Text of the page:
Rose Gardening, Planting Roses, Pruning Roses, Growing Roses

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How To Plant Roses

Get your roses off to the best possible start by choosing their growing site carefully and then planting them using the techniques most suitable for your climate. Bare-root rose plants--those sold without soil--offer the best value and grow quickly after planting.

Tools and Materials
  • Bare-root rose plant
  • Measuring tape
  • Shovel or spade
  • Wheelbarrow or tarp
  • Soil amendments, see text
  • Water source, hose or bucket
  • Organic mulch, such as shredded bark
    Choose the planting site.
    Roses need at least 6 hours of direct sun each day, although some afternoon shade is best in hot climates. Plant them in a spot where air can circulate and dry their leaves soon after a rain, and give them fertile soil that drains quickly.

    Determine the depth to plant.
    Most rose plants consist of two parts: the rootstock and the flowering canes. The bulge where the parts join, called the graft union, gets planted just at or below ground level, depending on your climate. Where winter temperatures drop to -10F or colder, plant the graft union 4 to 6 inches deep. In warmer climates, place it just at or slightly above the soil surface.

    Dig the hole.
    Keep the rose roots cool and moist while you dig the planting hole. The hole should be deep enough to set the graft union at the proper depth and at least wide enough to allow the roots to extend without bending. Put the removed soil in a wheelbarrow or on a tarp.

    Amend the soil.
    Very sandy or heavy clay soils benefit from the addition of organic material. Mix the soil from the planting hole with 25 percent compost and 25 percent composted bark plus a few handfuls of composted manure. Mix well. Get your roses off to the best possible start by choosing their growing site carefully and then planting them using the techniques most suitable for your climate. Bare-root rose plants--those sold without soil--offer the best value and grow quickly after planting. Partially fill the hole with the soil mix, making a cone or mound in the center over which to drape the roots.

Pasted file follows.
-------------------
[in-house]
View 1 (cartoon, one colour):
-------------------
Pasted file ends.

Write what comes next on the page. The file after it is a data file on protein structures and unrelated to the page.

Set the rose in the hole.
    Adjust the height of the cone so that the graft union is at the right level, as determined using the guidelines above. Spread the roots evenly around the cone.

    Backfill and water.
    Holding the rose at the right planting depth, fill the hole with soil, working it carefully around the roots. When the hole is nearly full, water thoroughly to settle the soil. Finish filling the hole and create a low ring of soil around the perimeter of the hole. Water again. Apply a 2- to 3-inch layer of organic mulch in a circle around the plant, taking care to keep the mulch 3 to 4 inches away from the canes. Water as necessary to keep the soil evenly moist until the rose resumes vigorous growth.

    After your roses become dormant in the fall, protect them from severe freezing weather by piling a mound of soil over the canes. Lay down climbing rose canes and cover them, too. Buy non-grafted or "own-root" roses if you live where temperatures drop to -20oF or colder. These roses can often grow back from their roots if their tops die from winter cold.

When and how to prune roses:

Prune Roses In The Spring: Some Basic Rules
Cut stems at an angle. Cut about 1/4 inch above an outward-facing bud at a 45-degree angle. Dab pruning seal (white glue will work) on the pruning cuts to seal them, especially if you live where rose borers are a problem.

Cutting above an outward-facing bud forces growth up and away from the center of the plant, improving air circulation, which reduces pest problems. Wait until early spring when buds swell and are easy to spot.